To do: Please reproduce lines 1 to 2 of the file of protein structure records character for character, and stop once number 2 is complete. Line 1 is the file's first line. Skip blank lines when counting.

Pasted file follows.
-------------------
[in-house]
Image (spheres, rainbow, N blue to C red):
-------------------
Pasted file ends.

[in-house]
Image (spheres, rainbow, N blue to C red):